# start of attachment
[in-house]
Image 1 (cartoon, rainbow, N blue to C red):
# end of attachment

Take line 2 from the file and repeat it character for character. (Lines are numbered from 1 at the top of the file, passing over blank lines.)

Image 1 (cartoon, rainbow, N blue to C red):